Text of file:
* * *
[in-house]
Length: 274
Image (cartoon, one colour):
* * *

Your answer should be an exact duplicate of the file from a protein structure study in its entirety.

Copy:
[in-house]
Length: 274
Image (cartoon, one colour):